1. Introduction. 2. Conditional Probability and Expectation. 3. Potential Outcomes and the Fundamental Problem of Causal Inference. 4. Effect-measure Modification and Causal Interaction. 5. Causal Directed Acyclic Graphs. 6. Adjusting for Confounding: Back-door method via Standardization. 7. Adjusting for Confounding: Difference-in-Differences Estimators. 8. Adjusting for Confounding: Front-door method. 9. Adjusting for Confounding: Instrumental Variables. 10. Adjusting for Confounding: Propensity-score Methods. 11. Efficiency with Precision Variables. 12. Mediation.
One of the primary motivations for clinical trials and observational studies of humans is to infer cause and effect. Disentangling causation from confounding is of utmost importance. Fundamentals of Causal Inference explains and relates different methods of confounding adjustment in terms of potential outcomes and graphical models, including standardization, difference-in-differences estimation, the front-door method, instrumental variables estimation, and propensity score methods. It also covers effect-measure modification, precision variables, mediation analyses, and time-dependent confounding. Several real data examples, simulation studies, and analyses using R motivate the methods throughout. The book assumes familiarity with basic statistics and probability, regression, and R and is suitable for seniors or graduate students in statistics, biostatistics, and data science as well as PhD students in a wide variety of other disciplines, including epidemiology, pharmacy, the health sciences, education, and the social, economic, and behavioral sciences.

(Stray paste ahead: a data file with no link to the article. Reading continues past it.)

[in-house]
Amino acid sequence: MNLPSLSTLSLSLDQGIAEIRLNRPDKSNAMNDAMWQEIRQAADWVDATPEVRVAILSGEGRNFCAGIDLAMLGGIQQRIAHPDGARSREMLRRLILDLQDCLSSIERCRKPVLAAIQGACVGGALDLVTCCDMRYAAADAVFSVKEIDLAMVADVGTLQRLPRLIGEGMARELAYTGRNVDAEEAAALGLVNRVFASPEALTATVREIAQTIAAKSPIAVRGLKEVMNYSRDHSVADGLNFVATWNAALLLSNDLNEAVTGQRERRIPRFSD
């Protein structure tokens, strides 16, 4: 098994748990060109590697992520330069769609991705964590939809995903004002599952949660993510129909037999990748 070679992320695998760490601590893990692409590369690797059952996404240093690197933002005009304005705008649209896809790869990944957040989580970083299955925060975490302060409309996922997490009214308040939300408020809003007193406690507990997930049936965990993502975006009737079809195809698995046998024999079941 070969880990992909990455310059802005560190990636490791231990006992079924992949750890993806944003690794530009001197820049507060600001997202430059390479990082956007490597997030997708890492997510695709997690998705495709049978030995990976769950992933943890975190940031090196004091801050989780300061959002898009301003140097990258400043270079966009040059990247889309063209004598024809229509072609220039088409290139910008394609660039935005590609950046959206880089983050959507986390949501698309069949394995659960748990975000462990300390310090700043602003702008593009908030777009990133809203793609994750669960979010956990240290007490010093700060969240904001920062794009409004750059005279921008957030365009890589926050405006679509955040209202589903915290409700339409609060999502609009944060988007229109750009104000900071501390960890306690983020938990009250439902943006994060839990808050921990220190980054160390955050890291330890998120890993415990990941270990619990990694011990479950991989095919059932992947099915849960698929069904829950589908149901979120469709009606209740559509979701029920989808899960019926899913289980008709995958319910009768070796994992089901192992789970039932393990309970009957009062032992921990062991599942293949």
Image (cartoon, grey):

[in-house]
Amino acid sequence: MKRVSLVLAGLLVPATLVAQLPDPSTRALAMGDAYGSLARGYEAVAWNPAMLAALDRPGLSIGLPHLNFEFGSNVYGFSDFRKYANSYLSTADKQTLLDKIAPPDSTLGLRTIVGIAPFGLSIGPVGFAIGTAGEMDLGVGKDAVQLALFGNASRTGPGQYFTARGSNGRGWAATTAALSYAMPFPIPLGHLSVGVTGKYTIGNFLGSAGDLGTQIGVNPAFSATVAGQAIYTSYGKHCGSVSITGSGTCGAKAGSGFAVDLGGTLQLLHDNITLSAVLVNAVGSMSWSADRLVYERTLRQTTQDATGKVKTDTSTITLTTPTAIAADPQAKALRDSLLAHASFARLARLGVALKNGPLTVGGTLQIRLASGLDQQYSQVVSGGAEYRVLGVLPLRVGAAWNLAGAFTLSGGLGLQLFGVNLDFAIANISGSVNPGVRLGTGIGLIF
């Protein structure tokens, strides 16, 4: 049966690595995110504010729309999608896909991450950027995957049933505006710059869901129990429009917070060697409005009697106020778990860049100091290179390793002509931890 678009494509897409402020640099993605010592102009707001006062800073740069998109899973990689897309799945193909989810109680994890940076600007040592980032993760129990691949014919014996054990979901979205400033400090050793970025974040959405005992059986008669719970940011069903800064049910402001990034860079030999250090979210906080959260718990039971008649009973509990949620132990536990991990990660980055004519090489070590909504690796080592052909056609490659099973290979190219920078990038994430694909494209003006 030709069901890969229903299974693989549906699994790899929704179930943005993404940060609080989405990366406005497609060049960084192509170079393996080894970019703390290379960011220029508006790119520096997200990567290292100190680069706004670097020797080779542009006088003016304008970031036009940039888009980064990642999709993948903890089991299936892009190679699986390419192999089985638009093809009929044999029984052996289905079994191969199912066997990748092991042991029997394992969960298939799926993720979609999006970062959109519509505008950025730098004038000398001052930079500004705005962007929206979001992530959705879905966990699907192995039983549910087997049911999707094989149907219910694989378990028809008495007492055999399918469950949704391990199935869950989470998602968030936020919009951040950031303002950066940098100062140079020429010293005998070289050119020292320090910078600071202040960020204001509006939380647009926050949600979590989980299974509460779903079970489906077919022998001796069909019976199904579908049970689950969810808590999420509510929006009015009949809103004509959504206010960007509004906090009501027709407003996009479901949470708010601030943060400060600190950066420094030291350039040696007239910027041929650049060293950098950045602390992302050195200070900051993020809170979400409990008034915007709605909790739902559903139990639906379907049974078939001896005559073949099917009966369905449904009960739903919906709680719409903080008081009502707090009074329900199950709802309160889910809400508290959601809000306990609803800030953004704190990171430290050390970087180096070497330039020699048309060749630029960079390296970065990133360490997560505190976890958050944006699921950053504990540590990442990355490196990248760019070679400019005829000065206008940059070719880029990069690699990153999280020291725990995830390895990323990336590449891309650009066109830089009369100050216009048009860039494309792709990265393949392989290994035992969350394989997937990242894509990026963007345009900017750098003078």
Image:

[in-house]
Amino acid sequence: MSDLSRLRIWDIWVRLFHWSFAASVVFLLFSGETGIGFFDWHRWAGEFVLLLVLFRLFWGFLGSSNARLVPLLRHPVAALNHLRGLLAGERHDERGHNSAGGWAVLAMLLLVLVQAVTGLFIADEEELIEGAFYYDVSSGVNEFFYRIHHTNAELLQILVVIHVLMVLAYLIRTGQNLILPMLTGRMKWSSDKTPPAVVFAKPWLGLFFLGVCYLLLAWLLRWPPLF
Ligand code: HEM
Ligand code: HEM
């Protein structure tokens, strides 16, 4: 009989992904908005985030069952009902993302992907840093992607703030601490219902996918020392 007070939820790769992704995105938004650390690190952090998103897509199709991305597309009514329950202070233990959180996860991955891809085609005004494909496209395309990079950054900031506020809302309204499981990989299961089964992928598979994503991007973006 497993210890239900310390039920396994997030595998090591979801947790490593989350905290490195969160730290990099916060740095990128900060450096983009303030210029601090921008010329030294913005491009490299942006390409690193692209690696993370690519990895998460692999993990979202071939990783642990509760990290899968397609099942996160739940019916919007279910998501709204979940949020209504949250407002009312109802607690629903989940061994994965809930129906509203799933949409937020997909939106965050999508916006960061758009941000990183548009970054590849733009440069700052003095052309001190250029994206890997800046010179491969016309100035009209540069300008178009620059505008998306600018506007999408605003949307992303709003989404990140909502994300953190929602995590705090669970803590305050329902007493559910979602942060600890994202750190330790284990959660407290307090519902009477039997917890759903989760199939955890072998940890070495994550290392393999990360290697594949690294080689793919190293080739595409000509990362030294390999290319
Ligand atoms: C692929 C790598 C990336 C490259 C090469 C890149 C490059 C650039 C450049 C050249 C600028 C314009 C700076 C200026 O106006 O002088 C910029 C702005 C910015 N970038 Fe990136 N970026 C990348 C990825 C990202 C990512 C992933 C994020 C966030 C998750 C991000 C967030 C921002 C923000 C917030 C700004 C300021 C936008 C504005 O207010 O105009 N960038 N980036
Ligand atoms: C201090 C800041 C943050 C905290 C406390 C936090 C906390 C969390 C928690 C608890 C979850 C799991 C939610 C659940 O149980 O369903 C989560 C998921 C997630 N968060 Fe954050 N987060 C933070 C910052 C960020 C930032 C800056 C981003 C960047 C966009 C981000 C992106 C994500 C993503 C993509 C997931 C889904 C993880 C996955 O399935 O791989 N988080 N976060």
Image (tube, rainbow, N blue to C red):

Beginning with a brief history and a review of essential elements of probability and statistics, a unique feature of the book is its focus on real and simulated datasets with all binary variables to reduce complex methods down to their fundamentals. Calculus is not required, but a willingness to tackle mathematical notation, difficult concepts, and intricate logical arguments is essential. While many real data examples are included, the book also features the Double What-If Study, based on simulated data with known causal mechanisms, in the belief that the methods are best understood in circumstances where they are known to either succeed or fail.